I was born in Lawrence, Kansas in 1972, and raised in Seattle, Washington. I grew up with artistic parents: my father was an art professor at the University of Kansas, and my mother was the artistic director for the Northwest Asian American Theatre. For as long as I can remember, creative expression has been a constant thread throughout my life.
As a teenager, I became engaged in local civic youth activities and quickly became exposed, and then addicted, to public policy advocacy and political campaigning. After graduating from high school, rather than attend college, I decided to move to Washington, D.C. and worked in a congressional office. This early experience in D.C. inspired my continued interest in politics.
After my initial stint in the “lesser” Washington, I moved back to Seattle and began to work on political campaigns. I managed several electoral campaigns, including campaigns for city council, legislature, congress, and governor. In 1999, I returned to D.C. for six years to serve as Jay Inslee’s chief of staff in the United States Congress. After leaving in 2005, I had a short-lived “retirement” from politics and opened a stained glass studio in Seattle’s Pioneer Square where I worked full-time creating custom widows for clients. But in 2010, I put my glass business on hold to manage Jay Inslee’s reelection campaign and then went on to manage his 2012 race for Governor. Most recently, I served three years in the Governor’s office as his chief of staff, leaving in 2016 to reconnect with my passion for creating glass art.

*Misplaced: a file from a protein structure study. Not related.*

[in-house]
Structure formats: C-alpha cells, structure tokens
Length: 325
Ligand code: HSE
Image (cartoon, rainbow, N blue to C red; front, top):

I’ve always admired colored and textured glass, but it wasn’t until I took a stained glass class over ten years ago that I really felt connected to the medium.
When I returned to glass after working for the Governor, I took classes and started experimenting with fusing and painting on glass. After discovering these new techniques, my next path forward as a glass artist was reignited and I opened my new studio, Joby Glass, in 2016 in the heart of downtown Olympia, Washington. I currently work, experiment, and create there each day.
My work reflects my approach and attitude towards life: I welcome the organic process of the unplanned and find beauty in the odd and unexpected. Rather than following a preset design, I create each panel not knowing what the final piece will look like. My intuition guides me as I allow the patterns in the glass to develop into layered images and a juxtaposition of colors, shapes and textures. Often, the satisfying mistakes are incorporated into a piece. This improvisational approach is absolutely essential because it leaves open the possibilities of discovering something truly authentic. As in life, accidents and odd turns in the glass become interesting creations.